"Home" comes to us with a heavy hat the gray fedora of grave significance. But the 90-minute video verite special, at 10:30 tonight on Channel 26, frequently and movingly surmounts a pretentious format and, appropriately, hits us where we live.
The videotape, more a vital document than dull documentary, was made by Julie Gustafson and John Reilly for Channel 13's industrious TV Lab and records four pivotal experiences in the lives of Americans in the shifting '70s. It begins with a birth and ends with a death; "Growing Old" and "A Marriage" are sandwiched in between.
The idea was to invade the privacy of selected people at delicate, crucial moments, in the hope that the subjects were representative both of common human experience and of contemporary changes in home and family. Overlong printed prologues strive too hard to establish the illustrative credentials of one and all.
It is in the specifics rather than the generalities that the program exhibits exemplary insight, candor and sensitivity. Some observers have called the last sequence -- a death watch for a terminaly ill cancer victim -- the most affecting, but in fact the second section, "Growing Old," is likely to elicit the strongest and most painful responses.
It was shot at a nursing home where a 94-year-old widow named Lena waits out hours and days. In recalling the happiness of her 60-year marriage, she casually provides the recipe for peaceful coexistence. "I gave up my dancing, because he didn't dance well," she says of her husband, and in her house, "We were both the boss."
There is no room for her in the home of her offspring, so she is remanded to the kindness of strangers, to the patronizing voices and pats-on-the-shoulder of those hired to feign concern. The sequence ends with the old people using frail breaths to blow out candles on a communal birthday cake. Then they sing "There Are Smiles."
"Hearts will never be practical," to quote the Wizard of Oz, "until they can be made unbreakable."
In the opening sequence, we see in extreme and stunning detail the arrival of a baby by natural childbirth. The mother is not only awake but wearing her glasses, the father chants "push, push," and the baby is greeted with cries of "Oh, my goodness" from mom and "A baby! a baby!" from dad.
"A Marriage," part three, shows a young couple going hesitantly through the formal rigors of official union. The two young sons of the bride, who was married once before, act out the ceremony in a small room after watching it on closed circuit TV.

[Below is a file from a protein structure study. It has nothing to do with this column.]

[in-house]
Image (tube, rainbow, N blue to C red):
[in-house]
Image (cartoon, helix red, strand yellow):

Gustafson and Reilly do not flinch at harrowing or pathetic occurrences, but they show discretion and keen judgment that remove the stigma of voyeurism, particularly in the very difficult "Death of a Parent" segment. There is no obession with the details of suffering but rather an examination of how the woman's family and friends cope with the inevitability of her death. o
"Home" walks a precarious line between clinical indifference and gross sentimentality, almost never tipping too far to either side. It has immediacy and impact possible with no other medium but television, and an inquisitive compassion that turns cold video images warm and real.
Channel 26 should have shown "Home" at its scheduled PBS time, last Sunday night, but the station was busy with an antiquated and trifling British mystery rerun.
Constance Bennett and Cary Grant they ain't. Even Anne Jeffreys and Robert Sterling they ain't. And "Topper" it isn't, though the ABC movie at 9 tonight on Channel 7 goes by and slanders that name. Kate Jackson and Andrew Stevens try to play those gay ghosts George and Marian Kerby in this catatonic remake, and spiritsless blithe it is all but impossible to imagine.
The Thorne Smith novel was a successful '30s movie and '50s TV series Jackson and Stevens decided to produce a thoroughly unnecessary new version and after miscasting themselves in the leads, they pulled a real topper by giving the role of the haunted and henpecked banker (now a lawyer) to chunky and burly Jack Warden, an error that would be ruinous if the project weren't already ruined by a listless, humorless, feckless and lifeless script.
It is always hard to figure how truly tiny minds work, but presumably Jackson and Stevens (married in alleged real life) saw Warden in "Heaven Can Wait," another whimsical ghost story, and made a cosmic logical leap that stuffs him into Cosmo Topper's role as comfortably as the Osmond family would slip into a telephone booth.
Charles Dubin must have directed this trance from inside an oxygen tent, and we are even deprived the elemental delight of clever special effects. Instead, Warden repeatedly has to fake being pushed and shoved by the invisible ghosties he has so tediously inherited.
Music is credited to Fred Karlin, but the tune heard most often on the soundtrack is Irving Berlin's "Blue Skies," trashed into smithereens. Irving! Irving! Hello, Irving? Irving, you won't believe what they've done to your song. . . .